On Aug. 15, an 18-year-old boy died in a marina in Traverse City, Mich. The cause of the drowning was from an electrical fault in dock wiring at the city-owned facility. A friend of the victim who swam at the marina luckily escaped injury. The case highlights the dangers of waterborne stray current and its potential to cause fatal accidents. Since 1986 more than 50 people have been killed in stray current incidents. The biggest lesson from these accidents is a simple one: don’t swim in marinas. A lesser-known aspect to these tragedies is the difference between fresh water and salt water as they relate to stray current.
Since salt water is a good conductor of electricity, one might assume that the danger from stray currents in salt water would be greater than that of fresh water, which, lacking dissolved salts, does not conduct electricity as well. Yet, the opposite is true: one is far more likely to be injured by stray current in a body of fresh water.
Capt. David Rifkin of Quality Marine Services in Jacksonville, Fla., (qualitymarineservices.net), co-authored, with James Shafer, a 2008 report for the Coast Guard and the American Boat and Yacht Council titled “In-Water Shock Hazard Mitigation Strategies.” According to Rifkin, the danger of electric shock is much greater in fresh water because the human body provides a more convenient electrical path than in salt water. Rifkin wrote in an e-mail. “In freshwater the human body is a much better conductor of electricity and therefore competes very well for current flow. In salt water, the water is far more conductive than the body (skin resistances wet are in the 1,000-Ohm range) so the body doesn’t see much of the current in the water. More of the current takes the lesser resistive path of the water in getting back to its source.”
Rifkin notes, “it takes about 2v/ft to cause paralysis and drowning. It would take a tremendous amount of current to get up to a gradient that high in salt water.” The reason this is unlikely is that by the time that powerful an electrical field built up, the circuit breaker on shore would likely have tripped, cutting off current to the faulty circuit supplying the stray current. As Rifkin further notes, “in a salt water situation, the greater danger is fire from local heating at the point of the electrical fault.”
Rifkin maintains a database of stray current accidents and he notes, “We don’t have a single instance of a fatality in salt water environments. Sure, people get shocked in salt water, but it usually involves actually touching a ‘hot’ fitting while in the water.”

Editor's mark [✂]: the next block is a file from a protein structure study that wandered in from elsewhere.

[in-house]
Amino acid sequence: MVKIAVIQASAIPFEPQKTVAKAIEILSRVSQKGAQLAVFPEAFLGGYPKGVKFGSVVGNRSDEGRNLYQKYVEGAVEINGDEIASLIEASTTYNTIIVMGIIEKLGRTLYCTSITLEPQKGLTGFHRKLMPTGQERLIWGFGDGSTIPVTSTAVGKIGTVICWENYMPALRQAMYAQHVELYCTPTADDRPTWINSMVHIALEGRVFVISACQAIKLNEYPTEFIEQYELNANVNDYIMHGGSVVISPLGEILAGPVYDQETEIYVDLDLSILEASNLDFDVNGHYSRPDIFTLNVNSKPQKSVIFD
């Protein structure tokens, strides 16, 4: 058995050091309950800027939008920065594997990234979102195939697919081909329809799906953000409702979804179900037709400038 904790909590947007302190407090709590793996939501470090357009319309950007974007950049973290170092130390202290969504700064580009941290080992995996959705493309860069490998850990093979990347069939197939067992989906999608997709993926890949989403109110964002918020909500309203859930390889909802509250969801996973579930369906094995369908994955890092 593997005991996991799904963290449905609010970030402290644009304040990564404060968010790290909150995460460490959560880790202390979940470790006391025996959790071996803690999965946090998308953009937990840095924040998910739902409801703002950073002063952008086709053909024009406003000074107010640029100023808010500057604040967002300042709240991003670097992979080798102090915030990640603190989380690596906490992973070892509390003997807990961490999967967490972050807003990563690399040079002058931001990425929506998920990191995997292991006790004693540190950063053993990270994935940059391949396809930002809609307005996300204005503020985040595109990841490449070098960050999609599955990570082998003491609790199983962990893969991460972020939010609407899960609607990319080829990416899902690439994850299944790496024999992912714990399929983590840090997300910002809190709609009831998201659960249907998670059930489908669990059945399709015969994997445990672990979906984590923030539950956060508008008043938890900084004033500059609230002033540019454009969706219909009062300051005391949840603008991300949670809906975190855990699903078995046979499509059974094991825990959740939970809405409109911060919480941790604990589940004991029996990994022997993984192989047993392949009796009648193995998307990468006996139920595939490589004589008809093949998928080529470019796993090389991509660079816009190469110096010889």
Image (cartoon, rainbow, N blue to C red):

So for voyagers in salt water, there is less danger. For those who sail in the Great Lakes or other bodies of fresh water or who are visiting those areas, the danger of electrocution does exist should you find yourself in a marina with faulty wiring. The best policy for all types of water is to observe posted signs and don’t swim in marinas.
When you think of hazards that can sink your boat, muskrats probably aren’t high on the list. But for boat owners in the Pacific Northwest, especially power voyagers who own trawler-type yachts, muskrats are a hazard to contend with. According to marine surveyor Jane Christen of Michel & Christen Marine Surveyors (www.michel-christen.com) in Shelton, Wash., muskrats can climb up into a boat’s exhaust discharge pipe and chew through the black plastic exhaust tubing. Christen writes on her website: “Any boat that has a wet exhaust with a discharge opening of about three inches or larger is at risk. A critter can and will swim up the exhaust hose and then chew through the hose to the inside of the boat.”
Our own Susan Hadlock was recently visiting the Seattle Yacht Club and snapped a picture of a sign warning of the dangers of the dreaded muskrat: “Check your exhaust, muskrats can sink your boat.” One wonders if Herman Melville were alive today, would he write about whalers and the pursuit of a ship-killing white whale, or would he focus on the vessel-sinking activities of the muskrat?
Luckily, there are solutions to muskrat attacks. One way to thwart them is to install an adjustable fitting inside the discharge pipe. This unit is held in place by friction. The threaded bars are turned which extends the fitting to fit the internal diameter of the discharge pipe.